Sweet and Sour

By Pamela Lewis

A Reading from Revelation 10:1-11  

1 And I saw another mighty angel coming down from heaven, wrapped in a cloud, with a rainbow over his head; his face was like the sun, and his legs like pillars of fire. 2 He held a little scroll open in his hand. Setting his right foot on the sea and his left foot on the land, 3 he gave a great shout, like a lion roaring. And when he shouted, the seven thunders sounded. 4 And when the seven thunders had sounded, I was about to write, but I heard a voice from heaven saying, “Seal up what the seven thunders have said, and do not write it down.” 5 Then the angel whom I saw standing on the sea and the land
raised his right hand to heaven
6 and swore by him who lives for ever and ever,
who created heaven and what is in it, the earth and what is in it, and the sea and what is in it: “There will be no more delay, 7 but in the days when the seventh angel is to blow his trumpet, the mystery of God will be fulfilled, as he announced to his servants the prophets.”

8 Then the voice that I had heard from heaven spoke to me again, saying, “Go, take the scroll that is open in the hand of the angel who is standing on the sea and on the land.” 9 So I went to the angel and told him to give me the little scroll; and he said to me, “Take it, and eat; it will be bitter to your stomach, but sweet as honey in your mouth.” 10 So I took the little scroll from the hand of the angel and ate it; it was sweet as honey in my mouth, but when I had eaten it, my stomach was made bitter.

11 Then they said to me, “You must prophesy again about many peoples and nations and languages and kings.”


It is no mild-mannered greeting card angel whom John sees at the start of this chapter. It is, in the late and noted theologian and Presbyterian minister Eugene Peterson’s description of angels, one of the “vast, fiery, sea-striding creatures, with hell in their nostrils and heaven in their eyes.” Robed in a cloud, with a rainbow on his head, and a face like the sun, this angel has many of God’s powerful attributes. Even the shouts of this angel call to mind various parts of the Old Testament where God’s voice is likened to that of a roaring lion, as well as to Christ’s final cry when he died on the cross. But with his right foot placed in the sea and his left on the land, this mighty angel’s purpose is clear: to announce the final judgments on the entire creation, not just a limited portion of it as did the seals and trumpet judgments.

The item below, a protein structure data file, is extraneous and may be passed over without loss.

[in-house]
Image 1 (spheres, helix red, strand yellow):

Most mysterious and significant, however, is the little scroll which the angel holds in his hand, which some scholars believe corresponds to the book the Lamb opened in chapter five of Revelation, or even to the gospel itself. Very similar to when the prophet Ezekiel had a vision of being told to eat a scroll filled with judgments against the nation of Israel, John is told by the angel to take and eat the little scroll he holds, whose taste is initially sweet in the evangelist’s mouth, but turns sour in his stomach. Among the many forceful images in Revelation, this one should stand out for Christians, as it signifies the importance of consuming and assimilating God’s Word so that it becomes a part of our lives. God’s Word is sweet to believers, but they must also experience the sour taste in their stomachs because of God’s imminent judgment.

Within the strong atmosphere of urgency imparted by the angel’s declaration, “There will be no more delay!”, the Old Testament prophets exhort the New Testament apostles by telling John to “prophesy again” to all nations and peoples, and to continue the work of proclaiming the gospel until God’s plan for the world is fulfilled. We, too, must take and eat the little scroll.

Pamela A. Lewis taught French for thirty years before retirement. A lifelong resident of Queens, N.Y., she attends Saint Thomas Church Fifth Avenue, and serves on various lay ministries. She writes for The Episcopal New YorkerEpiscopal Journal, and The Living Church.

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Church of the Holy Family, Chapel Hill, N.C.
La Iglesia Anglicana de Mexico  


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